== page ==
I have a shoulder problem. I’m always a little unsure how much I can do with it – I want to keep strong, and get stronger, and maintain my range of motion – which is to say, I want to improve my condition. I want the problem to resolve.
I’ve been to my Osteopath, I know the exercises I’m supposed to do and what I’m supposed to avoid and all that – the boxes have all been ticked – but there’s always going to be this question mark – there’s always this aspect of needing to feel your way through.
Some days, exercises I should be doing feel funky, uncoordinated or painful. Other days, exercises that I probably should steer clear of feel fine. And there are certain exercises that I’m supposed to do if they feel okay.
And I often find myself coming back to these old programming ideas – I should be doing five sets of five reps, or I should train military press differently, train more scapular retraction, dumbbell rows, etc. I need to do this and this and that to maintain strength and range of motion and be strong.
But when I keep in mind that the purpose of training is to get better at moving, my shoulders feel better. It is easy to be blinded by concepts. When I pay attention to my scapular movement, to my muscular awareness, I feel like I know what to do and I can follow that. I can sense where my movement is inhibited, and where it is free – I can sense where I am strong, and I can sense where my awareness is poor. I can feel where my awareness does not exist. This is one aspect of awareness. I can sense its limit. And I can try to move differently, to bring my attention there, knowing that it might not happen today, but that my awareness can deepen over time.
To get better at moving is not a vague goal. It is, in that you don’t know when you arrive – you can’t track it as such – but it is also immediate and useful. You can ask the question all the time, when you’re training, especially if you’re practicing exercises or sets that you aren’t sure are useful. It can bring your attention back to what you’re actually doing, as opposed to what you think you should be doing.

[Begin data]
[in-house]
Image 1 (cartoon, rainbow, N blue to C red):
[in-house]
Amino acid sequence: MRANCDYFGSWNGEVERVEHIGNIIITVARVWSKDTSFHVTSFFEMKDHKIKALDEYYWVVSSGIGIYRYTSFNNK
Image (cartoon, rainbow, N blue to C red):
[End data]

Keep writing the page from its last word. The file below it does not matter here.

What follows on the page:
It’s easy to get caught up in pushing myself, training hard, doing more – it’s easy to be blinded by preconception. But when I remind myself – when I ask the question – is this helping me to get better at moving? – my attention shifts, and I can perceive the exercise more clearly. I can think and feel with less prejudice.
I journal my training sometimes. Often, people talk about the importance of writing down what you do, to measure progress. I record notable lifts or techniques, but also events, realisations and feelings. This is how you really measure progress. It’s not just numbers; numbers don’t mean much. 100 pounds on a day where you felt good is quite different to 100 pounds on a bad day. Over time, do you feel better in your body? That is progress. Your training is working. Do you feel worse? Then your training is not working for you. It is not about measuring you. It is about establishing whether or not your training is helping, whether or not it is useful.
We have this idea that sets and reps exist to progress us to another thing, another technique, a stronger state of being. But it’s a limited way of thinking. If the purpose of movement is the movement itself, if what’s good about exercise is the exercise itself, what are you progressing to? What is it that’s good for you? What is the purpose of just adding more reps or exercises? Is what you’re doing actually helping you to become better at moving?